Even though we humans might be using advanced technology with voice recognition and backlit touch-screen displays, we still depend on the same bodies and brains that our ancestors used thousands of years ago to allow us to act in our environment, no matter how digitally enhanced.
Andrew Hinton, Understanding Context
Technology can make magic happen. In seconds, you can find all the blue sandals in a warehouse of millions of shoes. A million people can read the same article without killing one tree. You can undo, unsend, and even unfriend! But here’s the buzzkill: if unanticipated or unwelcome, the magic of technology is confusing, disorienting, and unintuitive—a UX designer’s worst nightmare.
So how can we ensure that the magic we create is intuitive? Designers will often say, “If a design is intuitive, it behaves how a user expects it to.” Well, then … what do users expect?
We want to know the following whenever we find ourselves in a new environment (physical or digital):
- What are the objects?
- Where are the objects?
- How do these objects relate to me?
- How do these objects relate to each other?
- What is my role as an object within this environment?
In physical spaces, these don’t require explicit thought to answer. However, in digital spaces, they often do. That is because our “lizard brains”—the part of the brain involved in motivation, emotion, learning, and memory—evolved alongside the physics of solid objects. Consequently, users may feel unsure when designers flout the perceptual expectations forged in the physical world. Without knowing what and where the objects are, we feel blind. Navigating feels uncomfortable. Taking action might even feel impossible.
The remainder of this article introduces three ways to design digital objects that “play nice” with our evolved expectations of the physical world. By doing our best to concretize the dematerialized things of our screen-based world, we give our lizard brains better affordances for understanding.
Lesson one: avoid shapeshifting objects
The properties of user interfaces need to be consistent for us to learn them well. We hunger for stable landmarks in the often ambiguous maze of digital interfaces.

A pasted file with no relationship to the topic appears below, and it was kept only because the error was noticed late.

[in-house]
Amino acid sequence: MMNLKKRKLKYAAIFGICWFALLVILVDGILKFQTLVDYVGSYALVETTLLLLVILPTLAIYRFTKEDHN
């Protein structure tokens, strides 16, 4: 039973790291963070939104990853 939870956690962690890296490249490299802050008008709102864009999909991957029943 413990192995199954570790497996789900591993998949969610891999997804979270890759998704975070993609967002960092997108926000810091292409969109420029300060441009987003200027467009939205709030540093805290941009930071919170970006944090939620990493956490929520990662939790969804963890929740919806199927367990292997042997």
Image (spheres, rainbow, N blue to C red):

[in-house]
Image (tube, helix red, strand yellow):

Andrew Hinton, Understanding Context
Objects in the real world don’t usually change form as they change context. When I bring a new toaster home from the store, it doesn’t change into a different toaster. When I remove a vase from the cabinet, it doesn’t turn into a coffee mug. Humans expect object permanence; we are taken aback when objects unexpectedly change shape.
Why do babies love peekaboo so much? It’s a great way to practice the fundamentals of object permanence, an important lesson in survival (e.g., just because the tiger went behind the rock does not mean it has disappeared). Because babies are still coming to terms with this concept, peekaboo makes for a rollicking good time. So we might assume that if we up the ante on the surprise-factor, the game would be even more fun, right? Nope. Researchers measuring the level of toddlers’ delight during a series of hacked games of peekaboo discovered that the game loses its appeal when a different face pops up after hiding. The older the child, the more this hack kills the game. Evolution seems to be telling us: it’s not cool when objects suddenly change. But all that peekaboo practice is for naught when trying to navigate a digital world of shapeshifting objects.
For instance, when this article was in the form of a Google Doc, it lived in both the Google Docs and the Google Drive environments. Depending on the environment, the article’s module changed form and function.
Moving from Docs to Drive, the shape of the document module shifts from about a 3:5 rectangular ratio to a 1:1 square ratio. If I want to see when I last opened a document, I will find that information directly on the module while in Docs; but within Drive, I must look to a disembodied side panel (not shown). Both modules have a menu of actions, but accessing it requires different interactions. (In Docs, I click the “more” icon; in Drive, I right-click the module.) Worst of all, the menu contains almost completely different options in each module! Only “Remove” and “Rename” are found in both menus. Adding insult to injury, even the icons for “Rename” are different.
We could chalk up the inconsistencies of Google Drive and Google Docs to siloed teams, but shapeshifting objects are common within products, too. On Meetup.com, the digital representation of my next meetup morphs multiple times across the site. Looking at the homepage, it displays as a big red banner at the top of the screen.